Rhys and Brett reached out to the Ravens a few weeks before they traveled to the road game against the Bears, and they soon received a letter. Andrews wrote to Rhys and explained diabetes made him the person he is today, and that he should view the disease as a benefit, not a hindrance. Andrews said he was forced to grow up very quickly because of his condition. At an early age, he learned how to count the carbs he would consume and calculate the correct insulin dosage he would inject into his body. Andrews said it pushed him to respect his body and his health.
Rhys was determined to meet Andrews in Chicago, and the Ravens told the Kinneys the best way to make it happen was to make a sign. So Rhys went to work. The sign had “T1D” on one side and “Mark 89 Andrews” on the other. To make sure Rhys, wearing his Andrews jersey, was perfectly positioned, his father got tickets by the tunnel where Ravens players entered and left the field.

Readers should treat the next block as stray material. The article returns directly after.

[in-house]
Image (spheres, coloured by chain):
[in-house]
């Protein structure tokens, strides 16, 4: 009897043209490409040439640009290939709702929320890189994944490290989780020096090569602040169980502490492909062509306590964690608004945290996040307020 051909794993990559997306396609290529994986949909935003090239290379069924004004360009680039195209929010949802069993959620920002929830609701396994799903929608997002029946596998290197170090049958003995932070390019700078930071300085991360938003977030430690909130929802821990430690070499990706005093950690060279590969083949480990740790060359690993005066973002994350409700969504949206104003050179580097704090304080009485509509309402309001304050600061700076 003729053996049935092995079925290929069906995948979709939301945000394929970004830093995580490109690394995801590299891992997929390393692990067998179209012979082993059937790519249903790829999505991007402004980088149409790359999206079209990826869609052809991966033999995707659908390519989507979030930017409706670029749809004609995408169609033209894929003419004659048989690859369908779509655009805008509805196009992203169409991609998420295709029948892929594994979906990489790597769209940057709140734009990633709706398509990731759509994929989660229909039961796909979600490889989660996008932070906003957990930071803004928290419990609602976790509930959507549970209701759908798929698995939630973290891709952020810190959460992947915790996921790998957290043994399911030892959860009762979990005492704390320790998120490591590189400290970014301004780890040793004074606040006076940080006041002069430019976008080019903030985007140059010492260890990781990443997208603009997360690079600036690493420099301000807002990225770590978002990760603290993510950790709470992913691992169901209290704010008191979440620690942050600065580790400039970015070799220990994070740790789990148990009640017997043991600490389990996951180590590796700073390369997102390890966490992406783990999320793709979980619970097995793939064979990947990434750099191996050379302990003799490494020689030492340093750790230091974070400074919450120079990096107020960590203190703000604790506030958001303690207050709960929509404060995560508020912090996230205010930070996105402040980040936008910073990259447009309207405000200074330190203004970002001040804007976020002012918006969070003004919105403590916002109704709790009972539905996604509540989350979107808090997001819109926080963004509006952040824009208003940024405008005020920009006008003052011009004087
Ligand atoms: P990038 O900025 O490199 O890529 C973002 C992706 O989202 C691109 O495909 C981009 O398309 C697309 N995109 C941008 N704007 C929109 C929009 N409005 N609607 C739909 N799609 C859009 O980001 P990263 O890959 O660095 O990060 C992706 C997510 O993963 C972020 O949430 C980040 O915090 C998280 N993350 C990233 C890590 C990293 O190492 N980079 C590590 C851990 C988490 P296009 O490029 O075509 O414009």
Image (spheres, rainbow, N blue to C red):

The preparation paid off. After talking with Andrews before the game, Rhys made sure to wave goodbye after Baltimore’s 16-13 victory, and Andrews provided a souvenir by handing over his gloves. Rhys has rarely taken them off since, whether he’s simulating one-handed grabs in the living room or even eating dinner.
“The amount of kindness that Mark showed my family, and the effect that he had on my son cannot be overemphasized,” Brett said. “He really changed my son’s life. He’ll remember this forever.”
The American Diabetes Association estimates 1.6 million people have Type 1 diabetes, an autoimmune disease that prevents your pancreas from producing insulin. Andrews has become one of the leading advocates for the diabetes community. Last year, he wrote a column for USA Today about how he didn’t let the disease stop him from achieving his dreams. Over the years, Andrews has mentored boys and girls on eating right and staying active. He’s also counseled some who have become depressed after being diagnosed with diabetes.